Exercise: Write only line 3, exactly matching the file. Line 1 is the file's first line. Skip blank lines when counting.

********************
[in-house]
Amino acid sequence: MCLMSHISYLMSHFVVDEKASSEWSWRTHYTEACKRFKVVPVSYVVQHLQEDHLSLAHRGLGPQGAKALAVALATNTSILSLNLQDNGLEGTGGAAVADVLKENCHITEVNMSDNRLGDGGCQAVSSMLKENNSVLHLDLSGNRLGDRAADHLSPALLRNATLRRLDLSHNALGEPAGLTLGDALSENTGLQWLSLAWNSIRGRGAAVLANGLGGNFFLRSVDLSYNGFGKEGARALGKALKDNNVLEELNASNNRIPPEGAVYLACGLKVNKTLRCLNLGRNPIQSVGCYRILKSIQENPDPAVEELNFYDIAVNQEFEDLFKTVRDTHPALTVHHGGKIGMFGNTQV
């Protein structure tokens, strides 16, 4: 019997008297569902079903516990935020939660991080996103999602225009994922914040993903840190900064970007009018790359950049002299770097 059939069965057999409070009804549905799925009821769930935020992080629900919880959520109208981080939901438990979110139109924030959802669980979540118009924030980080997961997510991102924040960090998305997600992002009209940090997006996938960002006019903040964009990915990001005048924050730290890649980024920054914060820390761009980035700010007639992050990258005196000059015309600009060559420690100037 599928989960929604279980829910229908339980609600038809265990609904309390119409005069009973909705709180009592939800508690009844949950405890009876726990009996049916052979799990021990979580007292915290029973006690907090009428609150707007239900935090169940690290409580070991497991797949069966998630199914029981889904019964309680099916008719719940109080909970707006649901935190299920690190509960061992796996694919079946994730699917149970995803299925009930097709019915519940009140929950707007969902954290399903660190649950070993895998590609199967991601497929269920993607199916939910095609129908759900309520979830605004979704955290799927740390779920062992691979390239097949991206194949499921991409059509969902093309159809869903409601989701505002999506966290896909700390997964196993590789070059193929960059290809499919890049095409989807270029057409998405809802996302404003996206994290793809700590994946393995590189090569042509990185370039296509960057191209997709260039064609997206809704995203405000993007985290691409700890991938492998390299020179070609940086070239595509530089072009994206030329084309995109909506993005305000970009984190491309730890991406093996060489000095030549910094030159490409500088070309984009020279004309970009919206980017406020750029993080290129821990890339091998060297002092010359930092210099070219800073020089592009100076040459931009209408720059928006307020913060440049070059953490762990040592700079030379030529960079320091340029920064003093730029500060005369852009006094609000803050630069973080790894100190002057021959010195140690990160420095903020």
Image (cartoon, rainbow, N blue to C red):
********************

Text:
């Protein structure tokens, strides 16, 4: 019997008297569902079903516990935020939660991080996103999602225009994922914040993903840190900064970007009018790359950049002299770097 059939069965057999409070009804549905799925009821769930935020992080629900919880959520109208981080939901438990979110139109924030959802669980979540118009924030980080997961997510991102924040960090998305997600992002009209940090997006996938960002006019903040964009990915990001005048924050730290890649980024920054914060820390761009980035700010007639992050990258005196000059015309600009060559420690100037 599928989960929604279980829910229908339980609600038809265990609904309390119409005069009973909705709180009592939800508690009844949950405890009876726990009996049916052979799990021990979580007292915290029973006690907090009428609150707007239900935090169940690290409580070991497991797949069966998630199914029981889904019964309680099916008719719940109080909970707006649901935190299920690190509960061992796996694919079946994730699917149970995803299925009930097709019915519940009140929950707007969902954290399903660190649950070993895998590609199967991601497929269920993607199916939910095609129908759900309520979830605004979704955290799927740390779920062992691979390239097949991206194949499921991409059509969902093309159809869903409601989701505002999506966290896909700390997964196993590789070059193929960059290809499919890049095409989807270029057409998405809802996302404003996206994290793809700590994946393995590189090569042509990185370039296509960057191209997709260039064609997206809704995203405000993007985290691409700890991938492998390299020179070609940086070239595509530089072009994206030329084309995109909506993005305000970009984190491309730890991406093996060489000095030549910094030159490409500088070309984009020279004309970009919206980017406020750029993080290129821990890339091998060297002092010359930092210099070219800073020089592009100076040459931009209408720059928006307020913060440049070059953490762990040592700079030379030529960079320091340029920064003093730029500060005369852009006094609000803050630069973080790894100190002057021959010195140690990160420095903020």